A man who allegedly set a fire in an MTR train during peak hours in February has died in hospital before ever making it to trial.
Cheung Kam-fai, 60, died in Prince of Wales Hospital at 5:19am on Sunday, more than three months since he was admitted to the facility. Local media cited “organ failure” as the cause of death.
He set himself on fire after allegedly hurling a firebomb in a Tsim Sha Tsui-bound train from Admiralty on Tsuen Wan Line around 7pm on February 10. He was charged with one count of arson two days after the attack that left 19 passengers injured, four of them critically.
A 15-year-old student surnamed Ko and a 38-year-old Taiwanese tourist were among those who were critically injured. Ko suffered from third-degree burns on her limbs, while the tourist suffered second-degree burns and stayed in a local hospital for two weeks before returning to Taiwan to continue with her treatment.
Except Cheung, all of those injured were since discharged.
Cheung was not able to attend court hearings due to his injuries. The authorities have yet to indicate whether they will continue with the investigation or the trial following Cheung’s death.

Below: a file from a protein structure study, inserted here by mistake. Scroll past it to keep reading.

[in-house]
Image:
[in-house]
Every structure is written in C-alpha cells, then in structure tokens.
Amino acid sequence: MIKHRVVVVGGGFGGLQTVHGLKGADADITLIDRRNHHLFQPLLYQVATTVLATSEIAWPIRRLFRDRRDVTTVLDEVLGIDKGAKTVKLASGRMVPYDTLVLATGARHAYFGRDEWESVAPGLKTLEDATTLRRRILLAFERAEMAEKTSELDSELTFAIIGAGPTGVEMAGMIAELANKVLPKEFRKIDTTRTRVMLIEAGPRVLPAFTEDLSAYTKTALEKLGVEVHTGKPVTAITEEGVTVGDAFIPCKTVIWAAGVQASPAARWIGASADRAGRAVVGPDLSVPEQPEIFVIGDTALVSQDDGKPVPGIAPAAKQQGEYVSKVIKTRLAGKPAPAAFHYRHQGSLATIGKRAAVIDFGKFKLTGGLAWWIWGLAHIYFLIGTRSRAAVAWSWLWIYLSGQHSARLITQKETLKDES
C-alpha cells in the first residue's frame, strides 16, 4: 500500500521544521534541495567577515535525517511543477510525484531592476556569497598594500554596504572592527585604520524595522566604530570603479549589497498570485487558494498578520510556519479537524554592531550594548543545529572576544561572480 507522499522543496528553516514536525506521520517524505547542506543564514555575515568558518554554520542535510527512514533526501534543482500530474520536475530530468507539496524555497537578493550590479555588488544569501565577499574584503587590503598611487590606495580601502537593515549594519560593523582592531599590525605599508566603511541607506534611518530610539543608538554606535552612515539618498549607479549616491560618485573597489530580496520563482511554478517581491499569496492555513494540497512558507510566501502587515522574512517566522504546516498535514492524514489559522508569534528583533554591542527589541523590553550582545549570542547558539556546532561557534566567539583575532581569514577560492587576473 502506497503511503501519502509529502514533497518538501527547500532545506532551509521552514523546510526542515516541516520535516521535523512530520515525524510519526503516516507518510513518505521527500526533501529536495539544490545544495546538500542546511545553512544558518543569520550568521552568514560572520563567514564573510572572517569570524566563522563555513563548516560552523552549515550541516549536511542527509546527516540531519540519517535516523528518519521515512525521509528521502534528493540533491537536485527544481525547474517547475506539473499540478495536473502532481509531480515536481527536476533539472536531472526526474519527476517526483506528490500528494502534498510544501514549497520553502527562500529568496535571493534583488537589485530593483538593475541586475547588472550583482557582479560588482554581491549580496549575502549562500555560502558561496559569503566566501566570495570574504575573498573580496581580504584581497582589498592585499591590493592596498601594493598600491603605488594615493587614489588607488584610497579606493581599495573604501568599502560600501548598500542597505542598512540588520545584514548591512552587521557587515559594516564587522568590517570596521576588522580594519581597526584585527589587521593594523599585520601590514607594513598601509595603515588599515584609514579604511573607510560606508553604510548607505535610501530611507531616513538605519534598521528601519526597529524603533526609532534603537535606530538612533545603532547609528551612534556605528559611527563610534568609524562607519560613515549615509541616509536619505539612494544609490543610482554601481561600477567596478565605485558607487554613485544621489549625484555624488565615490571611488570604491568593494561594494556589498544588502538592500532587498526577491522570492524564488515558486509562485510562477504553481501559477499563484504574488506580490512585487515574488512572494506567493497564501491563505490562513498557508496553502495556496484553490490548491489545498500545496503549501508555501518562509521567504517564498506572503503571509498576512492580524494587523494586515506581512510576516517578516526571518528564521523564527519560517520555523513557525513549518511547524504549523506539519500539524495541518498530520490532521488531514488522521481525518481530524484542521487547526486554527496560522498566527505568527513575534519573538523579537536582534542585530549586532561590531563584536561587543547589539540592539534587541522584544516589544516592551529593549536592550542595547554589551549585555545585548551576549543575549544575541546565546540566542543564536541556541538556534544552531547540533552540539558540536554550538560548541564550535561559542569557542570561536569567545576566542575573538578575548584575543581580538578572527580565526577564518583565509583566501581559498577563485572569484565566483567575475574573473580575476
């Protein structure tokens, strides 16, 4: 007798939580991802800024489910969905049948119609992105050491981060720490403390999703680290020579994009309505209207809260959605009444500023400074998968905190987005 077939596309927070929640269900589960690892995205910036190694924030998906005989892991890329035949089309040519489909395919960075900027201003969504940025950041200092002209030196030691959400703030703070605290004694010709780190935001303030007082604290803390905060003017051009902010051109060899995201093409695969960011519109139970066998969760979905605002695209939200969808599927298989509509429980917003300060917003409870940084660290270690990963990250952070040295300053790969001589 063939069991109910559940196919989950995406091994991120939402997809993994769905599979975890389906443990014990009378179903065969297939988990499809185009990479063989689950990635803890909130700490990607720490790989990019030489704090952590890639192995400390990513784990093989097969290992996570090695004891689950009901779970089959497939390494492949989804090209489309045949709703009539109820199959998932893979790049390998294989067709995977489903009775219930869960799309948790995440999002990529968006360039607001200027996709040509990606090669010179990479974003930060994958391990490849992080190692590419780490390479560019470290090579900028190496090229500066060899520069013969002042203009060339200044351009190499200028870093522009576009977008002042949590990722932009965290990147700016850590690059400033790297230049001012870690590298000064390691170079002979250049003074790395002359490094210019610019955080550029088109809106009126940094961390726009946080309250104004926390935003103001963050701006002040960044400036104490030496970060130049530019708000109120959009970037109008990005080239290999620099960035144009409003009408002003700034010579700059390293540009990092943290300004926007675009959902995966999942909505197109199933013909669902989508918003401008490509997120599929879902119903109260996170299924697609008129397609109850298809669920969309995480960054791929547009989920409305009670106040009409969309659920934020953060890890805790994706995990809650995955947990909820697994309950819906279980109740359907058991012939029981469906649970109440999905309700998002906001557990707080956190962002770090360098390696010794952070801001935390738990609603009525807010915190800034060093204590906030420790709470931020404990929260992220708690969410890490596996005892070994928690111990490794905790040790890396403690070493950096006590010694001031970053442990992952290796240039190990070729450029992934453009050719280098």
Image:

The government said earlier that the suspect had a history of mental illness and did not show up to his latest appointment to receive treatment.
The MTR Corporation previously said that the company and its employees would donate at least HK$2 million to the families of those injured.
In response to heightened security concerns following the attack, pro-Beijing lawmaker Michael Tien proposed installing security cameras on trains and conducting random security checks on passengers. An investigation report compiled by eight experts and released last month advised against conducting security checks as a solution. It also said that having a security camera on the train would not have affected the outcome of the attack.
The MTR Corporation also banned the sale of lighters in convenience stores inside its stations since March 1.
Correction 13:30: A previous version of this piece wrongly stated that the attack occurred on an Admiralty-bound train. In fact, the train was bound for Tsim Sha Tsui.